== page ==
i wonder why there has been no incentives ( none that i have seen) from the government to entice home owners to install water harvesting systems where possible for the purpose of filling toilets and for gardening, washing the car, etc. surely all thats needed after that is enough water for washing yourself and drinking water.


  • Registered Users Posts: 6,106 antoobrien


    Idbatterim wrote: »
    500L per day?! are they all having baths on a daily basis and using old massive cistern w.c?

    They are the quoted figures, I don't know how realistic they are, but then the city council in question found 10 properties with a combined "usage" of of 341,000L per day, so it's likely that the averages include waste as well as actual use.


  • Moderators, Business & Finance Moderators, Motoring & Transport Moderators, Society & Culture Moderators Posts: 61,030 Mod ✭✭✭✭ L1011


    Waste is unmetered and worked out as the same as the input water, so you can half the figures if that is the case.


  • Registered Users Posts: 13,359 ✭✭✭✭ loyatemu


    stezie wrote: »
    i wonder why there has been no incentives ( none that i have seen) from the government to entice home owners to install water harvesting systems where possible for the purpose of filling toilets and for gardening, washing the car, etc. surely all thats needed after that is enough water for washing yourself and drinking water.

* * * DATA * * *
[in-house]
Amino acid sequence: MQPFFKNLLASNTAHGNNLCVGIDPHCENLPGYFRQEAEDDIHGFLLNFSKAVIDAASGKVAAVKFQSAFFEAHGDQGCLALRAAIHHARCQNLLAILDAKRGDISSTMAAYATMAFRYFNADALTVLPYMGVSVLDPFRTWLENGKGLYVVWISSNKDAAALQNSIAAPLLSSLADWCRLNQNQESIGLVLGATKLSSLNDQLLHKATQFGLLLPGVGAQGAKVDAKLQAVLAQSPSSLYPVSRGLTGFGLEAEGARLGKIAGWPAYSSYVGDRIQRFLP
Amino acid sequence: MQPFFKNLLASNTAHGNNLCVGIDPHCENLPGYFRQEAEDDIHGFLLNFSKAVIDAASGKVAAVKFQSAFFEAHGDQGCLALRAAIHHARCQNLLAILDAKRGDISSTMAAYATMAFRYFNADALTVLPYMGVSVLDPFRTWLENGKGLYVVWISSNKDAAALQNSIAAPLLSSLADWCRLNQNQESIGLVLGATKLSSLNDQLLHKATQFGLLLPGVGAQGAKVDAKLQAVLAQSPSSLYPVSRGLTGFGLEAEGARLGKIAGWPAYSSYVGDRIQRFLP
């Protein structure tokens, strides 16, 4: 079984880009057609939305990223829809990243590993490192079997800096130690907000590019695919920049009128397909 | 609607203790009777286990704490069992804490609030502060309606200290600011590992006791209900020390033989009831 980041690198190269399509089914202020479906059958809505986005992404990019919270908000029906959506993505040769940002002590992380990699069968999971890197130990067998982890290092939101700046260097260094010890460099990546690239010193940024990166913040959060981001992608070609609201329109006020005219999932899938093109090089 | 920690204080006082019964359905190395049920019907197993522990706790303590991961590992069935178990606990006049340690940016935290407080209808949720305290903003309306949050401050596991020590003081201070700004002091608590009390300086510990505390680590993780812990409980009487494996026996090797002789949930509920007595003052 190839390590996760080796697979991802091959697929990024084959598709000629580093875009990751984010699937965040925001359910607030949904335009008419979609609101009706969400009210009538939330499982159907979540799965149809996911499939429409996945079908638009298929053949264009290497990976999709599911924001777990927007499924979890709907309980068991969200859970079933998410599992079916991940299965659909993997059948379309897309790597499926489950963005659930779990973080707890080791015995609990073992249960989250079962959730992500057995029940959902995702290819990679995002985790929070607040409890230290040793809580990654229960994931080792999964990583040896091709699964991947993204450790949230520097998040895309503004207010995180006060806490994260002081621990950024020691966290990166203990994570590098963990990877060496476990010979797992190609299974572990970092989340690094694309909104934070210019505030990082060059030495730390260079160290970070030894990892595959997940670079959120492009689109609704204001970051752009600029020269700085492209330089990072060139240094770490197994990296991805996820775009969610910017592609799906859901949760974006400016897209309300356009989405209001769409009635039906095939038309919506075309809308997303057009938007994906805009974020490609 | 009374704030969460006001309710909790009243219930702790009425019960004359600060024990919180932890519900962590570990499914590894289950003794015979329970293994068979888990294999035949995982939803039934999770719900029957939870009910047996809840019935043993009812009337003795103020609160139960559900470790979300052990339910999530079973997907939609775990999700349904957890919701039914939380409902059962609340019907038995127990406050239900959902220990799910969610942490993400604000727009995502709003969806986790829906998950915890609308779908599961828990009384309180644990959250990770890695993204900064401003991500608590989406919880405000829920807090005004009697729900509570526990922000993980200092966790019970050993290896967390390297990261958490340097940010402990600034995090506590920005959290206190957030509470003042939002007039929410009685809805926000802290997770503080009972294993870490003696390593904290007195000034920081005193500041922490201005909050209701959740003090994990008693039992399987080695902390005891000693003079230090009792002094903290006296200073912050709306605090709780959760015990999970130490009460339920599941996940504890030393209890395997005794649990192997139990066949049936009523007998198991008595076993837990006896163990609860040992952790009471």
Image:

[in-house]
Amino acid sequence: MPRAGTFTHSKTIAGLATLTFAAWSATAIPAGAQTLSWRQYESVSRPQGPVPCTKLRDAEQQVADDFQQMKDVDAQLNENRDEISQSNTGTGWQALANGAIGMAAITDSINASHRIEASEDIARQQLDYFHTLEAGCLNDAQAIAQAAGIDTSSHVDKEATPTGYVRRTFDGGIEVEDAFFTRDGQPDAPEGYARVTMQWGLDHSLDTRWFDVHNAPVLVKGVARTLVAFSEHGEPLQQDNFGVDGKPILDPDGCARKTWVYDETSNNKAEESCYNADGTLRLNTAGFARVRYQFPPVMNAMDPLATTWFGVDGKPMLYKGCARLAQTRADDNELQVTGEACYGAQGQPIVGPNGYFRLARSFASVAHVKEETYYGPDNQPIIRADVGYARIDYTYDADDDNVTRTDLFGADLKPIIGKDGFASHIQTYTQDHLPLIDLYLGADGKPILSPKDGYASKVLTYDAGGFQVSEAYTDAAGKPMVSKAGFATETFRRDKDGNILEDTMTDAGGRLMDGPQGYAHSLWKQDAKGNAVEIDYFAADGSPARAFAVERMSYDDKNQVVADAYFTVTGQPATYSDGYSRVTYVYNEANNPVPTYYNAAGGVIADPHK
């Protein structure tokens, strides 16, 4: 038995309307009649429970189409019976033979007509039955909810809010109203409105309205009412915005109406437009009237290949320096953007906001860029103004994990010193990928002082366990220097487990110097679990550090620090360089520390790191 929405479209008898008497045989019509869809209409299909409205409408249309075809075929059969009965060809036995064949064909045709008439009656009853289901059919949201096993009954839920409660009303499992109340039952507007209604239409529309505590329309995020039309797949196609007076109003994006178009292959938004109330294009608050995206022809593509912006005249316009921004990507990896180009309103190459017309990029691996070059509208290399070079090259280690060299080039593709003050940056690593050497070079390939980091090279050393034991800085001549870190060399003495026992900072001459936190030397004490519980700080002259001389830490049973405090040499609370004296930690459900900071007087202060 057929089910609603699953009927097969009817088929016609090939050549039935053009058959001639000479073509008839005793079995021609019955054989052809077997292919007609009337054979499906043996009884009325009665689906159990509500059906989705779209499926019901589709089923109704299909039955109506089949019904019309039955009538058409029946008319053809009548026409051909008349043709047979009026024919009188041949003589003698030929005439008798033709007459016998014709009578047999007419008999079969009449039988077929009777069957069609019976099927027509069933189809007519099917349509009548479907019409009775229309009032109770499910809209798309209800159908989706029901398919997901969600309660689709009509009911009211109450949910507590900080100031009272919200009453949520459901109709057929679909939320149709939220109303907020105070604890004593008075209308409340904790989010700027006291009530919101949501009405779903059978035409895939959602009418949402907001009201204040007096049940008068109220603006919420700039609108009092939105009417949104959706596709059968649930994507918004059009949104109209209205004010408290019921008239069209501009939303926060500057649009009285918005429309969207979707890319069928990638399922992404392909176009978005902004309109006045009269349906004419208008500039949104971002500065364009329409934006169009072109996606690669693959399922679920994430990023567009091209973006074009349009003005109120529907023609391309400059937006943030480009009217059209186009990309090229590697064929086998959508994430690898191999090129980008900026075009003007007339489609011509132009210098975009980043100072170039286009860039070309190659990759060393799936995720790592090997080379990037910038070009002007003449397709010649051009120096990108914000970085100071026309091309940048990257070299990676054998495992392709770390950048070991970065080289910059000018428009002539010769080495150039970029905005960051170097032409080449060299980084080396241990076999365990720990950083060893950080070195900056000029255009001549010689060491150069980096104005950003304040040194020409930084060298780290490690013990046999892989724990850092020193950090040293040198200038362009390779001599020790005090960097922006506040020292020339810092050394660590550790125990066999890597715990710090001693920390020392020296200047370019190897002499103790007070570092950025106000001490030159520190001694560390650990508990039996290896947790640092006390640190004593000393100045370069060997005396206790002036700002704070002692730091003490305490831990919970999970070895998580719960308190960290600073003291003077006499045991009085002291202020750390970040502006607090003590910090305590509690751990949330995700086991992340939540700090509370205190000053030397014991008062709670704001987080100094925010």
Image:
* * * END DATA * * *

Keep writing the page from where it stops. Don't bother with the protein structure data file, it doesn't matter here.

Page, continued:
is there any incentive for the govt. or Irish Water to do this? The cost of running the system is largely fixed and they have to recoup this - its not as if they can decommission a few reservoirs and lay off a few thousand staff if everyone installs rainwater harvesting systems. This is why the "free allowance" is a sham - if everyone manages to stay within the allowance, who will pay for the system?


  • Registered Users Posts: 78,221 ✭✭✭✭ Victor


    loyatemu wrote: »
    if everyone manages to stay within the allowance, who will pay for the system?